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Green Building News

Hailing the Cash for Appliances Program

Set to begin in October, the stimulus-funded program offers rebates on purchases of Energy Star-rated appliances and other products

Image Credit: Department of Energy

A reminder: October not only is National Kitchen and Bath Month, it is when the Department of Energy’s stimulus-funded Cash for Appliances program is scheduled to kick off.

The $300 million initiative, part of the American Recovery and Reinvestment Act of 2009, allows each state that doesn’t already have a similar rebate program to write its own cash-for-appliances rebate rules, submit them for approval to the Department of Energy, and begin issuing rebate checks as early as November.

The Cash for Appliances program is similar to the $3 billion Cash for Clunkers program in that it is intended to give consumers an incentive replace an old product with a more energy efficient one. Cash for Clunkers, hugely popular among consumers before its stimulus allotment was depleted, targeted the seriously ailing auto industry. Cash for Appliances, of course, addresses consumer interest in a broader range of products and, like other stimulus programs, is aimed at boosting the overall economy by encouraging homeowners to upgrade their refrigerators, dishwashers, furnaces, air conditioners, and other appliances. Consumers are not required to trade in their old appliances to take advantage of the program.

The National Kitchen & Bath Association issued a press release earlier this month to emphasize that the new rebate program is in addition to a number of U.S. tax credits, up to $1,500 total per home, on the purchase price of energy efficient HVAC equipment, windows, insulation, and other products.

Incentives north of the border

In Canada, meanwhile, the Canada Revenue Agency has introduced a new Home Renovation Tax Credit, which applies to eligible renovations made to a homeowner’s primary residence. The program, which expires February 1, 2010, offers a 15% tax credit on home remodeling expenses exceeding $1,000, with a maximum credit of $1,350.

The HRTC supplements Canada’s existing ecoENERGY Retrofit Homes grant offered through Natural Resources Canada, the agency charged with ensuring that the country’s natural resources are developed responsibly. The grant provides up to $5,000 to homeowners who make renovations to their homes that reduce energy consumption.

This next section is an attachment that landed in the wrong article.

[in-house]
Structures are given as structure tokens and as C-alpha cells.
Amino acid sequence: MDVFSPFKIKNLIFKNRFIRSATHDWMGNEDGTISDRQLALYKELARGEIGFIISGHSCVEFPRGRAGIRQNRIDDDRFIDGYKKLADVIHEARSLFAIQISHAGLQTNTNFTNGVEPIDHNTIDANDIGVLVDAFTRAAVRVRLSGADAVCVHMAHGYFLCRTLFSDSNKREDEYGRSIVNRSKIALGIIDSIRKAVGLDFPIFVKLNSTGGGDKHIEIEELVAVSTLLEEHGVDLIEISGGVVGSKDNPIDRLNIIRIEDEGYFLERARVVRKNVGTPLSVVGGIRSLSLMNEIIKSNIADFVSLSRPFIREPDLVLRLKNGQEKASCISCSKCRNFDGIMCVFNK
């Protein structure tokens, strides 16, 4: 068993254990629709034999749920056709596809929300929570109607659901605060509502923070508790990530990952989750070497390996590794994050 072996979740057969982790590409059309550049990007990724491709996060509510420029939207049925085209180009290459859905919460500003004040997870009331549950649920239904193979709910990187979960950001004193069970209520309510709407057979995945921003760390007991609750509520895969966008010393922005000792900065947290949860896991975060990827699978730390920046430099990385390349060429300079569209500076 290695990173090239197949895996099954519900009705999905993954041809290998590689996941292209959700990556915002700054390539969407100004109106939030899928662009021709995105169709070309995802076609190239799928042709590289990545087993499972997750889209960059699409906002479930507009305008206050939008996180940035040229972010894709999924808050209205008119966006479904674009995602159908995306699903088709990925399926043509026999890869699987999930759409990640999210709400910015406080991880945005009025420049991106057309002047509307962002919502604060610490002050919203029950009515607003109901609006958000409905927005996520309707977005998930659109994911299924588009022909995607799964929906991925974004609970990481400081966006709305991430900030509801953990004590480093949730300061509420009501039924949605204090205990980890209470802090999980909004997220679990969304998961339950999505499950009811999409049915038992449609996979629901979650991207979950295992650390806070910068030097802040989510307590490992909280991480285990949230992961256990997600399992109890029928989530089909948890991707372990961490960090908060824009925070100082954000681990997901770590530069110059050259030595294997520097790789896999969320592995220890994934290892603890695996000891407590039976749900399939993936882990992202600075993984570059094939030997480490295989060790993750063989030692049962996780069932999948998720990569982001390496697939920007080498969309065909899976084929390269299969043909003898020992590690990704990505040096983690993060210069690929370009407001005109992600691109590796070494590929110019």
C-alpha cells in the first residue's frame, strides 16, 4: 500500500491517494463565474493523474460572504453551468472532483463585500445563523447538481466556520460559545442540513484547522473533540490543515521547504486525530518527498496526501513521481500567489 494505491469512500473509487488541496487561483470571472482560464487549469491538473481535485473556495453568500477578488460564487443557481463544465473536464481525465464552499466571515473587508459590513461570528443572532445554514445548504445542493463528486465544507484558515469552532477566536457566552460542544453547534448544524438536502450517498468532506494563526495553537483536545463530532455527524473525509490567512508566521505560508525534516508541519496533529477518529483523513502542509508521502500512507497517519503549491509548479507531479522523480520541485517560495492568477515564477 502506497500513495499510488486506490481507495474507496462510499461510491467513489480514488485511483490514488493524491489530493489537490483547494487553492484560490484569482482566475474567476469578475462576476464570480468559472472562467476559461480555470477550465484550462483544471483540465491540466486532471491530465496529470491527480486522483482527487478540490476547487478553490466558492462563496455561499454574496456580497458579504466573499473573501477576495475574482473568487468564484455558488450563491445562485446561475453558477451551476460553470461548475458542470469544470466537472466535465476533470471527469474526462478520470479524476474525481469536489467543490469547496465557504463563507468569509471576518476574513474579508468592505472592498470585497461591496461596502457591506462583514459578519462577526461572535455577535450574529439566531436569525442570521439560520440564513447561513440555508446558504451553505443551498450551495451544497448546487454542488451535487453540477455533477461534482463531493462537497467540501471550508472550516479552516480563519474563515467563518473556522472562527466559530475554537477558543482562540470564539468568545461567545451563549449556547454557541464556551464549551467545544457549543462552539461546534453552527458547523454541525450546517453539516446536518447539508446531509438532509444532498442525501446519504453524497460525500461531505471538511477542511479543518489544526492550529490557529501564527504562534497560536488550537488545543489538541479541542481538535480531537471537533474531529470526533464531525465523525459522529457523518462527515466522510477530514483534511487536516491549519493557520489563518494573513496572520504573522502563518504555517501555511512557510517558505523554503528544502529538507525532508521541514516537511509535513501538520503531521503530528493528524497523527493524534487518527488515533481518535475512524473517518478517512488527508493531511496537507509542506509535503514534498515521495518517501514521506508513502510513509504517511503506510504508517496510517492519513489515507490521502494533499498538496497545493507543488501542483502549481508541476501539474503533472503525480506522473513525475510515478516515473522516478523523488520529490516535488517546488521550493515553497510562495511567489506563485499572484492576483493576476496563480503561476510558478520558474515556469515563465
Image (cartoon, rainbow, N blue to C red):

The size of Cash for Appliances rebates will depend on state guidelines and the cost of the Energy Star-rated product. Based on payouts being made by existing state-run rebate programs (about 25 states already have them), the Association of Home Appliance Manufacturers estimates that rebates will range from $50 to $200.


  1. Shillpa | | #1

    Cash for Clunker appliance
    This can be a big incentive for CI projects to meet prerequisite of 50% Energy star appliances. May be helpful to go on LEED USER, too.

  2. Sam | | #2

    What is going to happen to all the old appliances that consumers disregard off? Is there some kind of recycling program tied to this or is it all going to end up in land fills????

  3. Lisa | | #3

    What about states with programs in place?
    The article states: "allows each state that doesn’t already have a similar rebate program to write its own cash-for-appliances rebate rules." What does this mean for states that have incentives in place (like Massachusetts, for example)?

  4. GBA Editor
    Richard Defendorf | | #4

    Re: recycling and existing state programs
    Cash for Appliances is designed to give states that don't already have such a program a way to implement one. States that already have similar cash-for-appliance programs of their own will continue to offer them rather than replace them with the DOE program.

    There is no recycling program tied specifically to Cash for Appliances, but the DOE website does include a page of general information about recycling and offers links to websites focused on your state's municipal solid waste program. This DOE general information page on recycling is a good place to start:

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